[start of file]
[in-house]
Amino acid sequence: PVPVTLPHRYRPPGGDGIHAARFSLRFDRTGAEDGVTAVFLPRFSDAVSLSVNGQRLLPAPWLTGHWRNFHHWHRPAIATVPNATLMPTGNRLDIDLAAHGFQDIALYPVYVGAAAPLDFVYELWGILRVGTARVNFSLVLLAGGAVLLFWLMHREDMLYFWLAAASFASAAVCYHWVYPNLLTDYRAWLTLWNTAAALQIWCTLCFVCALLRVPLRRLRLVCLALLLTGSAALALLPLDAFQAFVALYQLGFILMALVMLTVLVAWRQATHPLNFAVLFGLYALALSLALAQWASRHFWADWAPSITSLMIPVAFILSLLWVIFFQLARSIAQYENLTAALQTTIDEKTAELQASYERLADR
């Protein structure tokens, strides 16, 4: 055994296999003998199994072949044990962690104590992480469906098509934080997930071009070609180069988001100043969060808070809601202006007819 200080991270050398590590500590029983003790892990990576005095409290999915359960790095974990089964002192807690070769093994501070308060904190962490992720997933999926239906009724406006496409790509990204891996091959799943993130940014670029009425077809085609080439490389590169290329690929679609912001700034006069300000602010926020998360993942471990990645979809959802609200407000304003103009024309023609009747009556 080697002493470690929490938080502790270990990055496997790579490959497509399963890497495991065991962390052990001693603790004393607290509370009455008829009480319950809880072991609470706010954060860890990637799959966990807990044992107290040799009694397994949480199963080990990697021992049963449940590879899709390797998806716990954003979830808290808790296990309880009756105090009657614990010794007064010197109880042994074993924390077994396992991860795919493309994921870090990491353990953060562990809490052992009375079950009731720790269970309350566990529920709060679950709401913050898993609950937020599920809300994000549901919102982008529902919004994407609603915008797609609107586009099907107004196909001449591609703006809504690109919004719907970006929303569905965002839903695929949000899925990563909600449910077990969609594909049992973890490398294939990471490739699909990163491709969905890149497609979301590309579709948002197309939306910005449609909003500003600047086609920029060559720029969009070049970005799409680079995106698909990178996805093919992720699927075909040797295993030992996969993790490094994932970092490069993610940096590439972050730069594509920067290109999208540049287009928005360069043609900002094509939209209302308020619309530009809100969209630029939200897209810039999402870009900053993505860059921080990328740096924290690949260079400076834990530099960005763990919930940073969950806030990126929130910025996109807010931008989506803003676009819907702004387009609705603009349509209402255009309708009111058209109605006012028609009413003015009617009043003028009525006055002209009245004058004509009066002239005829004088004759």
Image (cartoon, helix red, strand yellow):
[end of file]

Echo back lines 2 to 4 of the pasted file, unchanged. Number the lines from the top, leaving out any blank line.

Amino acid sequence: PVPVTLPHRYRPPGGDGIHAARFSLRFDRTGAEDGVTAVFLPRFSDAVSLSVNGQRLLPAPWLTGHWRNFHHWHRPAIATVPNATLMPTGNRLDIDLAAHGFQDIALYPVYVGAAAPLDFVYELWGILRVGTARVNFSLVLLAGGAVLLFWLMHREDMLYFWLAAASFASAAVCYHWVYPNLLTDYRAWLTLWNTAAALQIWCTLCFVCALLRVPLRRLRLVCLALLLTGSAALALLPLDAFQAFVALYQLGFILMALVMLTVLVAWRQATHPLNFAVLFGLYALALSLALAQWASRHFWADWAPSITSLMIPVAFILSLLWVIFFQLARSIAQYENLTAALQTTIDEKTAELQASYERLADR
């Protein structure tokens, strides 16, 4: 055994296999003998199994072949044990962690104590992480469906098509934080997930071009070609180069988001100043969060808070809601202006007819 200080991270050398590590500590029983003790892990990576005095409290999915359960790095974990089964002192807690070769093994501070308060904190962490992720997933999926239906009724406006496409790509990204891996091959799943993130940014670029009425077809085609080439490389590169290329690929679609912001700034006069300000602010926020998360993942471990990645979809959802609200407000304003103009024309023609009747009556 080697002493470690929490938080502790270990990055496997790579490959497509399963890497495991065991962390052990001693603790004393607290509370009455008829009480319950809880072991609470706010954060860890990637799959966990807990044992107290040799009694397994949480199963080990990697021992049963449940590879899709390797998806716990954003979830808290808790296990309880009756105090009657614990010794007064010197109880042994074993924390077994396992991860795919493309994921870090990491353990953060562990809490052992009375079950009731720790269970309350566990529920709060679950709401913050898993609950937020599920809300994000549901919102982008529902919004994407609603915008797609609107586009099907107004196909001449591609703006809504690109919004719907970006929303569905965002839903695929949000899925990563909600449910077990969609594909049992973890490398294939990471490739699909990163491709969905890149497609979301590309579709948002197309939306910005449609909003500003600047086609920029060559720029969009070049970005799409680079995106698909990178996805093919992720699927075909040797295993030992996969993790490094994932970092490069993610940096590439972050730069594509920067290109999208540049287009928005360069043609900002094509939209209302308020619309530009809100969209630029939200897209810039999402870009900053993505860059921080990328740096924290690949260079400076834990530099960005763990919930940073969950806030990126929130910025996109807010931008989506803003676009819907702004387009609705603009349509209402255009309708009111058209109605006012028609009413003015009617009043003028009525006055002209009245004058004509009066002239005829004088004759």
Image (cartoon, helix red, strand yellow):